• Photo: David Wambolt

    Photo: David Wambolt

Canada is known for its spectacular wildlife. Naturally, this makes for some spectacular photos. For the seventh year, thousands of photographers from across the country submitted their best snaps to Canadian Geographic’s Canadian Wildlife Photography of the Year contest, which showcases the beautiful diversity of Canadian critters. Canadian Geographic photo editor Jessica Finn, Museum of Nature senior research assistant Roger Bull, along with Ottawa, Ont. photographer Tony Beck, had the tough task of narrowing down the entries to the top picks. Here, the judges share what made the winning photos stand out.

On the Prowl category winner

(Photo: David Wambolt)

JF: By getting down low and using a low depth of field, the photographer managed to exemplify a tender moment. The cute factor also helped boost this photo’s standing. RB: This photo brings to my mind the tenderness of parenthood and childhood. David Wambolt must have been down on his stomach in the sand to take this photo. His effort was well worth it. He has captured a moment and composed it well. Depth of field is perfect here with the plovers in sharp focus in front of a painting-like backdrop of greens. TB: I love this image’s composition and focus. The plover chick is delightfully sweet, and the clean green background is easy on the eyes. The low camera angle is perfect for this type of subject.

What's in the Water category winner

(Photo: Todd Mintz)

JF: Brilliant colours and a central focus in the foreground work well in this split photo, though I find the dark area of the riverbank in the background a bit distracting. RB: There’s magic in this photo. The above/below water view feels like I’m peeking behind the curtain of this yearly migration. And the image is bursting with bright primary colours. Bravo! TB: This is an absolutely amazing image! A super wide-angle lens is used to near perfection showing main subject clearly in the foreground with sharp environment in the background. There’s lots of action and colour to top it off.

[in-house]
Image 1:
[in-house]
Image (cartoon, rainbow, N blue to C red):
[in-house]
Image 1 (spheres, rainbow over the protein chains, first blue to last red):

Things with Wings category winner

(Photo: Ken Crebbin)

JF: The photographer captured a great moment here, and the flowers add balance to the shot. RB: I’ve seen many good hummingbird photos submitted to the contest; this one is great. Ken Crebbin succeeds by pulling off the trick of capturing two flying creatures in good focus. And they are positioned well with the splashes of blue flowers in the bottom corners. TB: An amazing image! There’s excellent colour, composition and clarity throughout. Add bonus points for a clean background and touch of drama. The position and pose of both the bee and hummer is near perfect. Bravo!

Little Life category winner

(Photo: Leigh Ayres)

JF: Contrasting colours and beautiful composition made this macro shot hard to beat. RB: Capturing small things is not easy. It takes a keen eye, technical ability, patience, and a dose of luck. When all of these come together, an image like this sleeping wasp can result. I love the detail of form in this photo. The wasp looks like a well-photographed machine, impressive in its engineering. TB: Razor sharp, frame-filling with a clean green background makes this image very appealing. Youth category winner

(Photo: Luke Bergen)

JF: This was the most difficult category to judge given this year’s talented entrants. Even in it’s simplicity, this image is perfectly captured, right down to the catchlight in the squirrel’s eyes. RB: Move around a bit while looking at this photo…the squirrel’s little black eyes follow you around! His intent feistiness comes through loud and clear. And his squirrely personality is shown in its element: a playground of diagonal branches and green leaves. TB: This image makes excellent use of vertical format by filling the frame with the main subject. The eye contact gives it a strong impact.